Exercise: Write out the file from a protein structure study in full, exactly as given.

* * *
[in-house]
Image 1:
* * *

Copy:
[in-house]
Image 1: